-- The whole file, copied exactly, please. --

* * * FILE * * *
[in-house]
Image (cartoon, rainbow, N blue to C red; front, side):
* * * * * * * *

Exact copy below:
[in-house]
Image (cartoon, rainbow, N blue to C red; front, side):